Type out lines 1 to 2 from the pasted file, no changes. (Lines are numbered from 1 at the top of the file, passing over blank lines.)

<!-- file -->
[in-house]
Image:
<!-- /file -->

[in-house]
Image: